“I don’t think I will need to do this for long, neither”, he rubbed his cold hands together.

“Let’s hope, my good Auror. So, where is the boat? I want to take a good bath before going to office today.”

Roland touched the stone, the Minister, himself, and his wand. He leaned on the doorway. Archibald was gone.

“I didn’t call for one, Minister, we won’t need it.”

“The Floo, then?”

“No. I closed it while you talked with the boys. And I killed all the owls this afternoon, before taking the boat to get you, sir.”

The Minister spluttered.

“You… killed? The owls? Why?”

“You made many questions today, Minister. But you forgot to make the most important ones.”

The lanky man inside the fancy coat raised his wand. He was shaking. It was midmorning, but Azkaban was dark and quiet as always.

“What are you saying, Auror?”

“You asked if the King could be communicating with the outside. But you forgot to ask if he was communicating with the ones inside here. You forgot to ask if I knew what the Black Queen was writing about. You forgot, Minister, to ask me if I had locked the doors after we left.”

There was a loud clank, and ravens flew from hidden nests in Azkaban, croaking loudly. Auror Roland kicked the Minister’s shins, and the towering man fell to the floor, his wand rolling away and disappearing in the darkness. The Auror raised his own wand, strode quickly to the fallen man and plopped down on his chest, his strong legs pinning the Minister’s arms to his sides, his bony hips holding the man to the frozen earth, his wand touching the taller man just under his chin. Their eyes met, blue against cold dark. Fear against elation.

Light was pooling from the windows of the fortress, splitting the never-ending night like sharp knives. The whole island rumbled, the doors banged closed behind them, sealing themselves. Screams filled the ceasing darkness, black and purple sparks of magic popping in existence, illuminating the two men locked together.

“What’s happening?” yelled the Minister, shifting wildly, trying to break free. “What have you done?”

The Auror was just too strong, too heavy, too crazy. A single spark burned the Minister’s chin, and the man under got still.

“Three thousand souls, Minister, three thousand inmates. The Black Queen told me, she told me, Minister, of glories never ending. Of freedom, when was just a lad locked in one of these cells, Minister. Told me the day I left I needed to come back, not as prisoner, but as one of the wardens, she had a job for me, Minister.”

Purple sparks floated around them, screams into the night, banging on the doors. Circles of light springing to life, emerging from the frozen tundra.

“Took me ten years, to be back. Then I started my job, that’s what I did. Do you know how difficult is to carve runes on these flagstones? Or to draw perfect circles around the whole fortress? Of course you don’t, Minister, you spent your life sucking balls to get this job, you know nothing about hard work.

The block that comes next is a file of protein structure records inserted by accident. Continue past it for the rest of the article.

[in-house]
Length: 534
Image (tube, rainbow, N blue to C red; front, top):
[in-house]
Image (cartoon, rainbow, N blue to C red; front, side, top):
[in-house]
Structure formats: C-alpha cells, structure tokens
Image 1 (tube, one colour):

The Minister sputtered, but Auror Roland just shoved his wand harder against the man’s throat.

“Where was I? Ah, yes, the Black Queen taught me this ritual she designed. Took me five years to complete the rune work and for Azkaban to hold the right number of inmates. Three thousand of them, one thousand souls for each Queen. Aren’t you proud, Minister? Your own sister is worth a thousand wizards.”

“What’s this ritual?” muttered the Minister, sweat dripping from his forehead. His wand was lost, he couldn’t get up, the screams were even louder, the light was pouring from between the very stones of Azkaban, the particles of dark light were circling the square tower as a hurricane. 

“Dunno, exactly”, shrugged the Auror. “The Queen gave me orders, not explanations. But I think it’s a time-based ritual. I think the three thousand sacrifices will move them through time and space.”

“Whatever they offered you, I double it! Release me now, let’s get out of here!”

“No can do, sir. How can a man got double freedom? Double happiness? Double… love? I love the Black Queen, Minister, that’s why I do everything she says. That’s why I put my own life on her altar. They will be free, tonight, gone to a world they will call their own. A new world to conquer, my Queen says.”

“But you don’t need me! RELEASE ME NOW!”, squeaked the Minister, trying once again to shove the Auror sideways. Roland pressed his forearm against the man’s throat, holding him down, the point of his wand almost poking the man’s eye. He smiled.

“Of course we do, Percy Weasley”, said Auror Roland, madness dancing in his eyes. “A thousand souls for a Queen, that’s the ransom. And a Minister… for a King.”

Azkaban exploded in light, screams filling the air just to be swiftly cut. A rift opened in the dark sky, and Minister of Magic Percy Weasley peed his trousers. Auror Roland opened his arms, his face towards the broken fortress and the rift of dark magic, sucking everything on the island. He was floating, the particles of purple light twirling around him. He laughed, endlessly, while the souls of the damned were destroyed to be used in the ritual.

“For the Court!” he yelled. The very frozen earth under them was being sucked into the rift. Percy Weasley saw it approaching. He saw his sister’s face in his mind eye, and her two friends, and her dark master. He saw the broken metal box that was once his prison, the twisted cells that feasibly had tried to hold the monsters called the Three Queens. He saw his face, the cold face of the King, the Bearer of Darkness, Bad Omen himself, Kinslayer and Stone Holder. He saw him for the last time, so even if names did have power, nothing worse could happen now. So he said it, as his last act as Minister of Magic.

“Fuck you, Harry Potter.”

Then he saw nothing more.